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By objective measures, enterprises just aren't getting their money's worth out of their cybersecurity spending. In a fast-paced economic and cyber threat landscape, organizations often buy new technology solutions without being able to fully assess their efficacy and then are forced to move on to new issues and problems before they can make the tools they already have fully effective. In the worst cases, the result is a merry-go-round of spending on unproven technologies that don't address the problem as effectively as they could.
For example, cyber technology and services company Sygnia, which has completed hundreds of cybersecurity improvement engagements with clients, calculated that many of their improvement actions relate to optimization of the current technology stack because it isn't being used effectively.
Organizations need a new model for acquiring cybersecurity tools based on the true efficacy -- rather than the vendor promises. Efficacy is defined as the combination of the capability of a product (does it deliver the security mission?), practicality (is it fit for use?), quality (of the security build and architecture) and provenance (of the vendor and supply chain). This starts with buyers gaining visibility into available technologies and basing their purchasing decisions on detailed assessments of how well those technologies do what they're supposed to do.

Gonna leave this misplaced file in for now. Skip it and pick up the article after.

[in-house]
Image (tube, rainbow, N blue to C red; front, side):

As detailed in a research report by Debate Security, the current market model has turned cybersecurity into a "market for lemons," in which buyers are sold ineffective products because they can't properly differentiate the better from the worse. The report participants identified a new model that could change that by better informing buyers and delivering resultant benefits.
The problem isn't one of technology -- billions are invested every year on technology. It is one of market economics. The economic problem results from an information asymmetry between buyers and sellers. Security vendors are under pressure to bring new technologies to market as quickly as possible to try and gain or maintain traction -- even if those products aren't fully effective. Buyers likewise are under pressure from their boardrooms or regulators to meet their risk compliance standards, so sometimes, the easiest thing to do is buy what everyone else has. In the process, the majority of buyers don't get to fully assess technologies before purchasing them.
Benefits of focusing on efficacy
A new cybersecurity market model that achieves greater transparency on efficacy would deliver five essential benefits:
- More effective cybersecurity. Demanding transparency on a product's actual capabilities gives vendors a real incentive to invest more in efficacy. Users expect capabilities to match claims, practical features in areas such as integration and operation, and fewer vulnerabilities caused by quality deficiencies.
- More meaningful technology evaluations. Establishing a common view on efficacy will make it easier to evaluate technologies in operation, enabling enterprises to identify vulnerabilities and increase resilience.